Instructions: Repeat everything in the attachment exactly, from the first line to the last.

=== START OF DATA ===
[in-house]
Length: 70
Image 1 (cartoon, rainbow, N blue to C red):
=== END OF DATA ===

[in-house]
Length: 70
Image 1 (cartoon, rainbow, N blue to C red):